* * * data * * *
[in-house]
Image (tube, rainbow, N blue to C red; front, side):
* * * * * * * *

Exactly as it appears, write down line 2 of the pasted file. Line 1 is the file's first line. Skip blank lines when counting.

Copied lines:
Image (tube, rainbow, N blue to C red; front, side):